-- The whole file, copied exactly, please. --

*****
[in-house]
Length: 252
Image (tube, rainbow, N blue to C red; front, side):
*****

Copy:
[in-house]
Length: 252
Image (tube, rainbow, N blue to C red; front, side):